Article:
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Equity and Inclusion
In Solidarity
El Merequetengue: A Celebration of Latin American Landscape Architects, ASLA 2022

Innovation Lab

Equity and Inclusion

¿ Donde esta mi gente?

BASE organized the first ever Latin American luncheon at the ASLA conference! We took this opportunity to come together and meet each other. During the luncheon we also had a presentation from Tierra Media Project and their LAF fellowship project about Making Space for Latine/x/a/o Voices in Search of New Definitions of Engagement with the Land. 


Big thanks to our lunch sponsors: mmcite, Old Town Fiberglass, ASLA NCC JEDI 

Featured Project: Gill Tract Community Farm

At BASE, we believe in an inclusive community approach to design - creating spaces that bring people together, inspire action, and satisfy a community’s practical needs in creative and efficient ways.


With the Gill Tract Farm Coalition (GTFC) in Albany, CA we have been working to create a robust community outreach program in response to a new student housing development that will be built by UC Berkeley on a parcel of the Gill Tract. The housing project will displace the Farm’s tractor barn, storage and multi-use space, and a new agricultural operations building has been offered by developers as replacement. 


To ensure an inclusive community planning process for these future changes, we’ve developed interactive polling graphics and hosted a series of workshops - collaborating to create a conceptual design for the new agricultural building that best meets the Farm’s goals of community building, agricultural and environmental literacy, and equitable production and distribution of fresh produce. The Gill Tract is also an overwintering site for the Monarch butterfly, a species whose population has plummeted 99.9% since the 1980s. Advocacy and protection of this struggling pollinator species has become an integral part in our mission of support to the Gill Tract Farm Coalition as they plan for the future in the face of this encroaching development. 

team. BASE Landscape Architecture

         Gill Tract Farm Coalition (GTFC)

year completed. ongoing

BLM Statement

The death of yet another Black American at the hands of the police has shaken the whole nation, and indeed the whole world. The historic and deeply entrenched systemic discrepancies in our society have come to the foreground of our consciousness and are no longer bearable. We have been made aware of this complex reality which has become intolerable and we are actively speaking out and taking steps to stop it. This reaches to the core of who we are as human beings in the 21st century. Police brutality against people of color is, of course, only one aspect of the problem; racism seeps through all threads of our culture and society. We all need to take another look at how we live and work.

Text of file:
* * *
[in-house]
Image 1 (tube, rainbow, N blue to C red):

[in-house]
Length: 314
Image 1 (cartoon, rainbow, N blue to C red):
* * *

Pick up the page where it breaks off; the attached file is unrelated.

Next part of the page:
We are committed to participate in making a cultural shift to become actively anti-racist in both our personal and professional lives.


In our profession, we have seen too few fellow students, too few instructors, too few colleagues in design fields, and even fewer clients of color. We believe that it is our responsibility to change this picture. We are not only deeply disturbed by the systemic inequalities and outraged by the killings, we are also very, very hopeful that real change has a chance this time around. It will not be overnight, but we are resolute to demand change and we are in for the long haul.


BASE is committed to the following:

  • We recognize that our network grants us access to influence. As a first step, we commit to an ongoing mentorship program with our friends at Seven Tepees Youth Program in Ohlone territory in San Francisco’s Mission District in order to make our network accessible to youth of diverse educational and racial backgrounds who are not often granted access to these channels of power.

  • We will continue educating landscape architecture students and young professionals about equity in public spaces and their importance for civic expression.

  • We will continue offering pro bono services to our local communities.

  • We will acknowledge the native land and people of every project we work on.

  • We will offer financial support to an organization doing work in racial/environmental justice. Every year we will decide as a team which organization will get these funds.

  • We will vote for those public office representatives who stand for tolerance, inclusion, and fairness.

  • We will continue the conversation in our studio, particularly in terms of identifying other concrete practices we can integrate into our work toward a racially just society.

Suggested, non-comprehensive reading around challenging systemic racism in our profession.

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